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May 4, 2009 | by  | in Opinion |
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Some of you have been asking me: “What are these hops you keep talking about?” This shouldn’t surprise me, as hop flavour is a rarity in common beers. A shame really, as hops can contribute a shed load of diverse flavours to a beer. But to state it simply: hops contribute the bitter and dry flavours in beer. Without hops we wouldn’t have beer as we know it today.

The hop flower is actually a relative of marijuana and grows on vines. In New Zealand, hops are primarily grown just outside of Nelson in a town called Riwaka. It is currently hop harvesting season, where the hop vines are fed into massive machines designed to remove the valuable hop cones from the vine. They are then kilned to keep them fresh till they reach the brew kettle. Two breweries have taken advantage of the abundance of fresh hops and have each created a beer which both showcase the remarkable and intense flavours possible with the generous use of hops.

First to get to the hops was Mac’s Brewery of Wellington. Brewer Ally Clem and beer writer Neil Miller drove from Wellington in a dodgy rental car to be in Riwaka to participate in the first hop picking. They grabbed the hops before they got to the kiln, and drove straight back to Wellington where the 200kg of fresh green hops were used in this year’s Mac’s Brewjolais (5.5%).

An American Pale Ale, the beer has little on the nose but makes up for it in the flavour. The beer has a strong hop character, with resiny hop bitterness coating the mouth. The hops contribute flavours of passionfruit and citrus which are well balanced with caramely malt. This is available at Shed 22 Brewery Bar and The Craftsman on Courtenay Place.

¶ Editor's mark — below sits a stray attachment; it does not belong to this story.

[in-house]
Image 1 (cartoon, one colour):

Richard Emerson of Emersons Brewery also visited the Riwaka hop fields and spied a pile of hops fresh from the kiln. He grabbed two varieties and used them in his latest once-off ‘Brewers Reserve’ brew, Harvest Fresh Hop Ale (5.3%). Unlike Brewjolais, Hop Harvest sports a powerful hop aroma of grapefruit and apricot. The flavour is packed with hop character, it’s so full of citrus you could think you’re drinking grapefruit juice. Disappointingly, there is little to balance the souped-up hops, meaning it won’t go down as easily. The only place you’ll find this in Wellington is Regional Wines and Spirits, so check it out.

Hops are to beer are like grapes to wine—they provide flavour and aroma. They are also the most expensive ingredient, which may explain why mainstream beers generally have about 1 hop cone per pint. Many more are required to get the flavour out of the hops, which the above beers achieve beautifully. Get out there and try them.

If you have any questions about this week’s beers or any comments, please e-mail me at

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